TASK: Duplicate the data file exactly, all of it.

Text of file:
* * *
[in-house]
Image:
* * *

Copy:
[in-house]
Image: